In the spring of 2012, I was in my first practicum. I was well liked by the staff, and would mingle with the other teachers. As the veteran teachers do, one such teacher (I will refer to him as Bob) offered me some unsolicited advice. I did not mind that since I figured I had better soak up everything I could. His advice was pretty simple: “Protect your neck, son”.
Bob encouraged me to establish clear boundaries between my students, their parents, and my colleagues…Kenny Rogers’ ‘The Gambler‘ came to mind, it was a good fir for Bob and his advice.
As Bob was a grizzled-union-champion-soon-to-retire teacher, I was not very surprised to hear that sort of advice. He was loved by his students, so I did not take his tone to be bitter either. He simply wanted to share with me how he made it through his long career unscathed and fulfilled.
I bring up Bob as I was reminded of him when I read Bonnie Stewart’s post regarding Twitter titled: In Public: The Shifting Consequences of Twitter Scholarship. Stewart’s post recounts the time which she was researching the online discourse of scholars on Twitter. Stewart was exposed to a sudden breakout of animosity between different camps of scholars. As she put it, the posts/arguments these scholars engaged in were characterized by “vitriol [that] was public and sustained”, generated “by specific public statements and responses”, and “aligned a group perceived to have power and privilege against a group without”.
Personally, this is not “news” to me. While it was very interesting to read Stewart’s “report” on how this sort of discourse had only begun in the scholarly realm of Twitter, I was surprised it took that long for something like it to be documented by a researcher. Other networks have been rife with angry discussions regarding specific issues since their inception (I’m thinking of my experience with Facebook, I’ve been a user since launch). The camps of people in these discussions are usually between different perceived tiers of knowledge…for example:
- Environmental Scientists versus Blue-collar workers
- Doctors versus Natural Remedy Promoters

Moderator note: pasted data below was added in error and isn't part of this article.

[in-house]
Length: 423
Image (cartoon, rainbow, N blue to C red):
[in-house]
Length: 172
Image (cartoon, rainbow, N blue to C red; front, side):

- Boomers versus Millenials
In each dichotomy, the narrative is the same; one group will quote literature and the other will quote real life experience, soon personal practice and professionalism is called into question, then each group begins to question the other’s intelligence and bias, terminating with individuals calling out the offline (but real life) experiences they’ve had wit the other camp’s individuals. Sometimes, they devolve further into a trade of insults.
It seems that it is the nature of these things. As soon as one group sees itself inferior or superior to another, the fuse is primed and we simply await the spark.
When I consider my participation in these online arguments (it has happened, but not for a very long time) I engaged in them when I had nothing to lose. I was not working in my desired career, nothing I said could stain a resume, no relationships I cared about would be tainted. As I progressed through life, suddenly I had things I needed to protect. Specifically regarding my professional life, I am part of a culture of identity where employers are warming to quickly terminating their employees citing ‘just cause’ upon any type of controversial content the employee produces (thereby taking ‘the high ground’ or ‘getting ahead of the problem’). Why in the world would I engage in what could be controversial?
As I build my Personal/Professional Learning Network (PLN), I must be conscious of the risk. I can branch out, add, and mingle with educators which I discover to be my online colleagues. I can discuss the professional issues and paradigms of my profession. But argue? No thank you, I’m turning the machine off. I need to protect myself; it is simply a risk that is not worth taking. Twitter, especially, has generated a system where instant feedback and record can be kept. Want to take something back, perhaps delete your tweet. Go ahead….but it has been replied to, retweeted, cached, and screen-shotted; too late. Once the ball of controversy is rolling, context is often misunderstood or unimportant.
As I reflect on my own practice, I frequently connect back to the story of Bob and my cautious tendencies with my PLN when my students (or I) wrestle with whether or not to engage in online discourse. Overall, I am generally okay with being a ‘Lurker”. When one has to reflect on how their content could be understood in the present, and perhaps how it could be revisited if the pendulum swung back in the future, a lack of active participation in a PLN still allows me to grow, read, and build without risk.
I suppose I’m left with these questions: Am I over-cautious? Cowardly? Do members of my generation feel the same as I do? Is there a divide on this idea between established, tenured/senior educators and their younger counter-parts?
Link to Article: In Public: The Shifting Consequences of Twitter Scholarship